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Cellular Mechanisms of Peptide Processing: Focus on α-Amidation

  • Richard E. Mains
  • Victor May
  • Edward I. Cullen
  • Betty A. Eipper
Part of the Biochemical Endocrinology book series (BIOEND)

Abstract

It is now well accepted that a vast array of peptides play essential roles in intercellular communication in both the nervous and endocrine systems. Many neurons contain both a classical neurotransmitter and a peptide (Krieger, 1983; Jones & Hendry, 1986). While we know a great deal about the control mechanisms affecting neuronal synthesis, storage and secretion of classical neurotransmitters such as the catecholamines and acetylcholine, we know relatively little about the precise way in which neuronal peptides are regulated. Our lack of knowledge concerning the mechanisms by which the synthesis, storage and secretion of bioactive peptides can be manipulated stems in large part from the relative lack of knowledge about the specific enzymes involved in converting inactive peptide precursors into their final bioactive products.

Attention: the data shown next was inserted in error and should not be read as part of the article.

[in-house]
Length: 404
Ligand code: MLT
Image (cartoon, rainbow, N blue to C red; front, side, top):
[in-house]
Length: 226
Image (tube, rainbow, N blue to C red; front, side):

Keywords

Tyrosine Hydroxylase Secretory Granule Amidated Peptide Classical Neurotransmitter Aromatic Amino Acid Decarboxylase 
These keywords were added by machine and not by the authors. This process is experimental and the keywords may be updated as the learning algorithm improves.

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Copyright information

© Plenum Press, New York 1988

Authors and Affiliations

  • Richard E. Mains
    • 1
  • Victor May
    • 1
  • Edward I. Cullen
    • 1
  • Betty A. Eipper
    • 1
  1. 1.Department of NeuroscienceThe Johns Hopkins University School of MedicineBaltimoreUSA

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